Michelle Obama’s advocacy for military families focused this week on an often overlooked slice of the veteran community: women. Before hundreds of veterans gathered for a day of workshops at the Women in Military Service for America Memorial at Arlington National Cemetery, Obama laid bare the challenges faced by women who have served in the armed forces. “Last month, the unemployment rate for women veterans from Iraq and Afghanistan was 11.2 percent — five points higher than men who served in the same conflicts, and more than double the rate for civilian women,” Obama said. “And that’s just wrong.” She told the story of one veteran, a woman who had worked in logistics operations in the Air Force for eight years. When looking for employment after leaving the military, the vet was told “that since her skills were mostly in male-dominated industries, she should try using only the first initial in her first name on her résumé so that employers wouldn’t know she was a woman,” Obama said. The Monday event, attended by more than 200 people, was hosted by Redbook and the Business and Professional Women’s Foundation. It was inspired by the first lady’s work with Joining Forces, a program started in 2011 to highlight and support service members and their families.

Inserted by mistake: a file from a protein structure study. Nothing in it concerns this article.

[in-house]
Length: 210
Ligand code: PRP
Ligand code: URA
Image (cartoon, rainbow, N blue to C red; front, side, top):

Private sector tackles veteran joblessness (U.S. News & World Report)
More than a decade after 9/11 and the two wars that followed it, U.S. military veterans of those conflicts continue to face employment challenges that are likely to persist for years. Though the economy has firmed, many veterans also still deal with the same post-crisis unemployment hangover as civilians. One alliance to boost veteran employment is on track by the end of 2014 to beat its own goal – by five years – of hiring at least 200,000 U.S. military veterans, according to a report released Monday commissioned by RAND and JPMorgan Chase. Known as the 100,000 Jobs Mission, the coalition consists of 179 private sector companies that formed in 2011 with a mutual goal of advancing their veteran hiring practices. Meg Harrell, the director of the Army Health Program at RAND and a co-author of the report, calls veteran unemployment in the U.S. an “unconscionable situation.” “The military is downsizing, so now we’re going to have people that may have actually not opted to become veterans but that are going to become veterans,” Harrell says. “When people look at veteran unemployment, they tend to judge it against civilian unemployment, but veterans are a proven capability. In my mind, I never want veteran unemployment to be at civilian unemployment [levels].”